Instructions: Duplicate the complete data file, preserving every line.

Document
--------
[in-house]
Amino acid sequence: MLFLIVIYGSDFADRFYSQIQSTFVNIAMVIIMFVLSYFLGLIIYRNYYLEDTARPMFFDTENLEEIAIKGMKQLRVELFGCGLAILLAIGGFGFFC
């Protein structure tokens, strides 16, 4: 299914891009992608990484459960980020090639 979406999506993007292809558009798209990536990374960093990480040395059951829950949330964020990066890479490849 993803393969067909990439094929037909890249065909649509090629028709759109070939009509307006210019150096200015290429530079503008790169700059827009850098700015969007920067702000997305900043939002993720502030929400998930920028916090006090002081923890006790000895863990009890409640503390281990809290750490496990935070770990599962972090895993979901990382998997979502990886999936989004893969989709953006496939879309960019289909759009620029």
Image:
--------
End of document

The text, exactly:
[in-house]
Amino acid sequence: MLFLIVIYGSDFADRFYSQIQSTFVNIAMVIIMFVLSYFLGLIIYRNYYLEDTARPMFFDTENLEEIAIKGMKQLRVELFGCGLAILLAIGGFGFFC
């Protein structure tokens, strides 16, 4: 299914891009992608990484459960980020090639 979406999506993007292809558009798209990536990374960093990480040395059951829950949330964020990066890479490849 993803393969067909990439094929037909890249065909649509090629028709759109070939009509307006210019150096200015290429530079503008790169700059827009850098700015969007920067702000997305900043939002993720502030929400998930920028916090006090002081923890006790000895863990009890409640503390281990809290750490496990935070770990599962972090895993979901990382998997979502990886999936989004893969989709953006496939879309960019289909759009620029």
Image: